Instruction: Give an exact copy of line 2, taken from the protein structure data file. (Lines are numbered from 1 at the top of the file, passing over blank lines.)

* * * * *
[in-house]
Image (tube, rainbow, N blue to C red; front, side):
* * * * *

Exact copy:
Image (tube, rainbow, N blue to C red; front, side):